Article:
In a stroke of crazy synchronicity, I made a trip to Yosemite this weekend as well. I travelled from Novato (25 miles north of the Golden Gate), stopping at the Gilroy supercharging station and then straight to the Valley charger you describe. Great trip, with lots of positive excitement from folks visiting the park.
Model S in Yosemite Valley

Wow! Gilroy took you pretty far out of the way (from Novato), didn't it?

That is why we need a Supercharger in Mariposa or Merced. I live in Mariposa and am on a campaign to get the motels here to add either a 14-50 or a J1772.

Paul,

Nice pic, and you didn't even have to photoshop it!

My issue with things like "one j1772 at the valley general store", is that, what if it was taken (e.g. by someone else who had to charge for 10 hours to fill up his Model S)? Those kinds of things make me nervous. Did you have a backup plan?

More power to you for using the valley store charger.

BTW, does the charger require a certain card, or is it just for general use?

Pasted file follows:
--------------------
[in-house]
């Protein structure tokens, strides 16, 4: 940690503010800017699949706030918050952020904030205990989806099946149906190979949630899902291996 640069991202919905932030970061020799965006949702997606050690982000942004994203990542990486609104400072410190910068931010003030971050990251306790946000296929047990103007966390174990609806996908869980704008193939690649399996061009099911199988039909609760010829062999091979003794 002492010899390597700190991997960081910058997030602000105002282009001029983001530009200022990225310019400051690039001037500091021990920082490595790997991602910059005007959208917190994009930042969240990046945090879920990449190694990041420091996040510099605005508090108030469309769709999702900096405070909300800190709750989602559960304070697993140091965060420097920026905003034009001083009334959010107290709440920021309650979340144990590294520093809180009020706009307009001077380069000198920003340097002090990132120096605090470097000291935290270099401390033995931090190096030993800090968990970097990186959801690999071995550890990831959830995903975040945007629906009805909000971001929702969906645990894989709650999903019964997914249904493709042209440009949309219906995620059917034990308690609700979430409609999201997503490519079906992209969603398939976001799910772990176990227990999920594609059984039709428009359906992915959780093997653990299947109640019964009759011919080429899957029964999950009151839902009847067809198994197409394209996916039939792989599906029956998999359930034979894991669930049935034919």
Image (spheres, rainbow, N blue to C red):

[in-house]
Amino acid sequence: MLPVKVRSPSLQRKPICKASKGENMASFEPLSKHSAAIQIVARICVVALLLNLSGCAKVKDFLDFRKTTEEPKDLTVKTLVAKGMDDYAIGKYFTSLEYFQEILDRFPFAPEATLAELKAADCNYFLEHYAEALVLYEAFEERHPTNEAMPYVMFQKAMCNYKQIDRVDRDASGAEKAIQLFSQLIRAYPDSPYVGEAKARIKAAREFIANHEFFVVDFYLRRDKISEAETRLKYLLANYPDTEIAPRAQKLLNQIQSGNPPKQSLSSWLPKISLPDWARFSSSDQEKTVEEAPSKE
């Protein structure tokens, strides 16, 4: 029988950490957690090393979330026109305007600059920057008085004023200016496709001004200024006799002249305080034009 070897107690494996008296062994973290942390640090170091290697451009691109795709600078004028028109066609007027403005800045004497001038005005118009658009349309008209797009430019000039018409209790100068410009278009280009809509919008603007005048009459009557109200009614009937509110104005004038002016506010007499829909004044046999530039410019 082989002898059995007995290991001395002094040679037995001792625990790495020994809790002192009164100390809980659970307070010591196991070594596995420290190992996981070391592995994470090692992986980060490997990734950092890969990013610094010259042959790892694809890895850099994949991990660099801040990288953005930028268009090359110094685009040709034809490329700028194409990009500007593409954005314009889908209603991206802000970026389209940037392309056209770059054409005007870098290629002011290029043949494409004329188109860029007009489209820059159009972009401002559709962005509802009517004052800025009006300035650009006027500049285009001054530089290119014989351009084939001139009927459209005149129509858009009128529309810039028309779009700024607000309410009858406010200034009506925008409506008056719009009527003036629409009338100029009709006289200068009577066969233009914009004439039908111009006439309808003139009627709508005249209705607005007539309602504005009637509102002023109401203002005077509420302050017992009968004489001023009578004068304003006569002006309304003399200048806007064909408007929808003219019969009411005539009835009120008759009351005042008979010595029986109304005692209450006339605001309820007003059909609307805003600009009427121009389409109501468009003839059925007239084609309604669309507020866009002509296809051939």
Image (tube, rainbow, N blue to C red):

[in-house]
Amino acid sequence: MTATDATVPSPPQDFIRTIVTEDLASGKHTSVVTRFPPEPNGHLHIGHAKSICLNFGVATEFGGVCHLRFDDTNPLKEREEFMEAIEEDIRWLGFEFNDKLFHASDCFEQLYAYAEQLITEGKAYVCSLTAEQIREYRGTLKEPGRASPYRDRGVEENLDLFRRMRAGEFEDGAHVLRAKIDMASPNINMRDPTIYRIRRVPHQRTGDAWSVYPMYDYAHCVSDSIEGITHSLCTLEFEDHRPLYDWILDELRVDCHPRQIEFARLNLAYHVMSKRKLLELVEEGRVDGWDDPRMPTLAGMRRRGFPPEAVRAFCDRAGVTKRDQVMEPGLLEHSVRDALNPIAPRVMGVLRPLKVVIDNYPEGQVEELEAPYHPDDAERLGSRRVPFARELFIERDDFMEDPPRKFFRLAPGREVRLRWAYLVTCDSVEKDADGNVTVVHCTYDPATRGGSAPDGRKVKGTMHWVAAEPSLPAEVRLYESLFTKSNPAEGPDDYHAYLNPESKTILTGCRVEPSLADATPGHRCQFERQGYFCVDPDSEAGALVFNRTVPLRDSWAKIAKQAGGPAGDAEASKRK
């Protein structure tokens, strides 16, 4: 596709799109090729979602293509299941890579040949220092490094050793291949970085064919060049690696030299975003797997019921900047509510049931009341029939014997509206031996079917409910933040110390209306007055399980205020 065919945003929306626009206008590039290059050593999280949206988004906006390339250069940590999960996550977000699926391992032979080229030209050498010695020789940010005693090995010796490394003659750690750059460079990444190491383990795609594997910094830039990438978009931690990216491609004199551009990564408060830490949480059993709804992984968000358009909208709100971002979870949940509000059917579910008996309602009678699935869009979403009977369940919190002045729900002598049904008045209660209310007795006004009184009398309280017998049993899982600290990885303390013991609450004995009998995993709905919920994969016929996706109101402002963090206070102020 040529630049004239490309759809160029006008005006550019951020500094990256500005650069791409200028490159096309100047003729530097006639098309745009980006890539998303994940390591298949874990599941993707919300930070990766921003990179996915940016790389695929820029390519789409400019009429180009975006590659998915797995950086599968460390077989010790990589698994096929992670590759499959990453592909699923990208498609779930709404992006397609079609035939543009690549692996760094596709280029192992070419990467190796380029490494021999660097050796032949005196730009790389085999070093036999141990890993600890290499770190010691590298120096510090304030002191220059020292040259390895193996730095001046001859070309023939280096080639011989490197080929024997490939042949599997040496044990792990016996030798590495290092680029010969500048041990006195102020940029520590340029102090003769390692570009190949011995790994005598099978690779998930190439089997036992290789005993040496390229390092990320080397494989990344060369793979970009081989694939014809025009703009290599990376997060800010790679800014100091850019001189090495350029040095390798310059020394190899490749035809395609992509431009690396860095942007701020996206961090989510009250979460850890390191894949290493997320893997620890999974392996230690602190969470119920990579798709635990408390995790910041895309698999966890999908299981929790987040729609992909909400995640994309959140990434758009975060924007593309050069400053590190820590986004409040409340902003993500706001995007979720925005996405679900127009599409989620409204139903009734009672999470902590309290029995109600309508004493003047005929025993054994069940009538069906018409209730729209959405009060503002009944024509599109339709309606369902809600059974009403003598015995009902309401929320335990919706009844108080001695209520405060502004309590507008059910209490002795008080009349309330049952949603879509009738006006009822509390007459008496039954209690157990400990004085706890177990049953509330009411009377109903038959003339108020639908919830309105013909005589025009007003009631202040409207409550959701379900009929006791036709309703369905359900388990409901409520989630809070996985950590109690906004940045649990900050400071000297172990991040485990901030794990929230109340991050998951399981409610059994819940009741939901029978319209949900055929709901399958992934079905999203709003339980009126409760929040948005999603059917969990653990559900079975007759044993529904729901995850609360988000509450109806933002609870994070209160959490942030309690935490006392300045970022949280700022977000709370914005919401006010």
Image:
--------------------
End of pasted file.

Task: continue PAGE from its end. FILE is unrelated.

Hy

PS It would have been sweet to have bumped into another Tesla in Yosemite--a vision of the future.

Thank you for this report! My wife and I have been debating for some time about when to try the Yosemite run, and your trip seems like an excellent model. And thanks for the calculations. We will use your assumptions in our planning.

My back-up plan was to spend another day in Yosemite! Seriously.

The charger did not require any authorization, and was easy to use, though it is placed in between two tour bus parking spots, so you have a long stretch in reverse. As our numbers grow, there is no doubt going to be greater congestion at the chargers. Places like Yosemite really should encourage EV visitors, so perhaps we can petition for more chargers? In the mean whilst, what's good form in terms of charging etiquette? Perhaps one could leave their phone number on their windshield in case a more urgent chargee arrives?